But while on the way Mr. Dougherty altered those intentions. He had been casting stealthy glances at his attractive companion and he was seized with the conviction that she was no selling plater. He resolved to parade with his wife past Seltzer’s café, where at this time a number of his tribe would be gathered to view the daily evening procession. Yes; and he would take her to dine at Hoogley’s, the swellest slow-lunch warehouse on the line, he said to himself.
The congregation of smooth-faced tribal gentlemen were on watch at Seltzer’s. As Mr. Dougherty and his reorganized Delia passed they stared, momentarily petrified, and then removed their hats—a performance as unusual to them as was the astonishing innovation presented to their gaze by “Big Jim”. On the latter gentleman’s impassive face there appeared a slight flicker of triumph—a faint flicker, no more to be observed than the expression called there by the draft of little casino to a four-card spade flush.
Hoogley’s was animated. Electric lights shone as, indeed, they were expected to do. And the napery, the glassware and the flowers also meritoriously performed the spectacular duties required of them. The guests were numerous, well-dressed and gay.
A waiter—not necessarily obsequious—conducted “Big Jim” Dougherty and his wife to a table.
“Play that menu straight across for what you like, Dele,” said “Big Jim.” “It’s you for a trough of the gilded oats to-night. It strikes me that maybe we’ve been sticking too fast to home fodder.”
“Big Jim’s” wife gave her order. He looked at her with respect. She had mentioned truffles; and he had not known that she knew what truffles were. From the wine list she designated an appropriate and desirable brand. He looked at her with some admiration.
She was beaming with the innocent excitement that woman derives from the exercise of her gregariousness. She was talking to him about a hundred things with animation and delight. And as the meal progressed her cheeks, colorless from a life indoors, took on a delicate flush. “Big Jim” looked around the room and saw that none of the women there had her charm. And then he thought of the three years she had suffered immurement, uncomplaining, and a flush of shame warmed him, for he carried fair play as an item in his creed.
But when the Honorable Patrick Corrigan, leader in Dougherty’s district and a friend of his, saw them and came over to the table, matters got to the three-quarter stretch. The Honorable Patrick was a gallant man, both in deeds and words. As for the Blarney stone, his previous actions toward it must have been pronounced. Heavy damages for breach of promise could surely have been obtained had the Blarney stone seen fit to sue the Honorable Patrick.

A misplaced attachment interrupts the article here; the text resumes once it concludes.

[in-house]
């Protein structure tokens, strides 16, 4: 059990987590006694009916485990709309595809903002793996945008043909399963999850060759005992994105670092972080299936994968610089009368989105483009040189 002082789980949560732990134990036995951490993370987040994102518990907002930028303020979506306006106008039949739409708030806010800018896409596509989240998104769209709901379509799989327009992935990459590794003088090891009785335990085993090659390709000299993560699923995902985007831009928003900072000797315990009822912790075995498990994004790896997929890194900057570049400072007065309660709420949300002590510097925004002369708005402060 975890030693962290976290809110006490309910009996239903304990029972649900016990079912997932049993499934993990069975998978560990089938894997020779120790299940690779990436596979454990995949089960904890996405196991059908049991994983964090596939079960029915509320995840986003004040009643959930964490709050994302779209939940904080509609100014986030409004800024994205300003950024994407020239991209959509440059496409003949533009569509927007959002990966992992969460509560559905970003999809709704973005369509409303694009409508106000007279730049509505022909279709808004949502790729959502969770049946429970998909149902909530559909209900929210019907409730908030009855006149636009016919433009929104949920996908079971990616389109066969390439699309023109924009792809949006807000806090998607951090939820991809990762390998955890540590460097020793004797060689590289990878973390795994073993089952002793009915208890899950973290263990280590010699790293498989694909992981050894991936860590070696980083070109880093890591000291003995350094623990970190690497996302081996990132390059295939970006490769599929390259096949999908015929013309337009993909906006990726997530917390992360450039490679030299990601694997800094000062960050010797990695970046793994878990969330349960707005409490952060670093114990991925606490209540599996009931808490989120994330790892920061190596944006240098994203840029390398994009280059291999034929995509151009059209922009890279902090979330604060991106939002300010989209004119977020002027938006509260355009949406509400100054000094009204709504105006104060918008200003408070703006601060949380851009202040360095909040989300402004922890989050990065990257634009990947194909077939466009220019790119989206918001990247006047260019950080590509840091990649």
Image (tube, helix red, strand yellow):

“Jimmy, old man!” he called; he clapped Dougherty on the back; he shone like a midday sun upon Delia.
“Honorable Mr. Corrigan—Mrs. Dougherty,” said “Big Jim.”
The Honorable Patrick became a fountain of entertainment and admiration. The waiter had to fetch a third chair for him; he made another at the table, and the wineglasses were refilled.
“You selfish old rascal!” he exclaimed, shaking an arch finger at “Big Jim,” “to have kept Mrs. Dougherty a secret from us.”
And then “Big Jim” Dougherty, who was no talker, sat dumb, and saw the wife who had dined every evening for three years at home, blossom like a fairy flower. Quick, witty, charming, full of light and ready talk, she received the experienced attack of the Honorable Patrick on the field of repartee and surprised, vanquished, delighted him. She unfolded her long-closed petals and around her the room became a garden. They tried to include “Big Jim” in the conversation, but he was without a vocabulary.
And then a stray bunch of politicians and good fellows who lived for sport came into the room. They saw “Big Jim” and the leader, and over they came and were made acquainted with Mrs. Dougherty. And in a few minutes she was holding a salon. Half a dozen men surrounded her, courtiers all, and six found her capable of charming. “Big Jim” sat, grim, and kept saying to himself: “Three years, three years!”
The dinner came to an end. The Honorable Patrick reached for Mrs. Dougherty’s cloak; but that was a matter of action instead of words, and Dougherty’s big hand got it first by two seconds.
While the farewells were being said at the door the Honorable Patrick smote Dougherty mightily between the shoulders.
“Jimmy, me boy,” he declared, in a giant whisper, “the madam is a jewel of the first water. Ye’re a lucky dog.”
“Big Jim” walked homeward with his wife. She seemed quite as pleased with the lights and show windows in the streets as with the admiration of the men in Hoogley’s. As they passed Seltzer’s they heard the sound of many voices in the café. The boys would be starting the drinks around now and discussing past performances.
At the door of their home Delia paused. The pleasure of the outing radiated softly from her countenance. She could not hope for Jim of evenings, but the glory of this one would lighten her lonely hours for a long time.
“Thank you for taking me out, Jim,” she said, gratefully. “You’ll be going back up to Seltzer’s now, of course.”
“To –––– with Seltzer’s,” said “Big Jim,” emphatically. “And d–––– Pat Corrigan! Does he think I haven’t got any eyes?”
And the door closed behind both of them.